What I'm getting at is that what is special about these guys is not the gear they carry or even individual components of their training, its the fact that they are overall outstanding performers in pretty much any environment you put them in.

---

As far as weapons go : This varies widely from service to service, but broadly speaking for counterterrorism the common denominator will be the submachinegun (almost always a german-made Heckler & Koch MP5 or variant) and pistol (Glock, SIG, 1911, any hi-performing pistol in a major calibre).

As far as martial arts go : Actual hand-to-hand combat training, especially in traditional martial arts, is a poor investment for these guys. More common are close quarter battle programmes which focus on empty hand techniques as a worst-case scenario and only a way to fight back to your weapon. The training would run the whole gamut of edged weapons, impact weapons and shooting in extremely close quarters, as well as how to retain control of your weapons when someone is trying to pull them off you or spoil your draw / access to them.

While many martial arts instructors will advertise themselves as 'special forces instructors' or teachers to various types of commandos, few organisations retain the services of these kinds of teachers for long. More common is a buffet approach where lots of different programmes are tried for a certain amount of time and then they move on. For example, american SEALs used to use the SCARS programme, then moved on to a type of Jeet Kun Do, and are now onto something else. There is no 'one' deadly special forces martial art, there are only competing approaches which gain favour for a limited time. The common denominator of programmes which are more succesful than others tends to be : Emphasis on use of weapons where possible, emphasis on simplicity (gross motor skills rather than fine motor skills and fancy techniques which break down under stress) etc.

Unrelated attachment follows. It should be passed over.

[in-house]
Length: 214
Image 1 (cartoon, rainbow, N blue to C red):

Hope this is helpful.

Incidentally I have written the above speaking in broadly sweeping terms about spec ops, but of course this is only an umbrella term, and there will be notable differences between traditional special operations units deployed to a theatre of war, and a specific counter-terrorist unit.

choppy
March 11th, 2005, 10:28 AM
To get the feel for how other writers handle this kind of thing, you could try reading some of Tom Clancy's stuff - like Rainbow Six for example. He gives a lot of technical information, sometimes a little too much for me.

And when it comes to military-type stuff, there's no substitute for experience. If I remember, Subzero, you're on the younger side of 18 aren't you? (Assuming 1992 was your year of birth). You could check out cadet programs in your area. You can learn a whole lot of stuff through experience that no amount of research will lead you to.

TheEarCollector
March 13th, 2005, 08:32 AM
EVERYTHING that the military does can be found in field manuals. Go find a local Army Surplus store and they probably have a few there.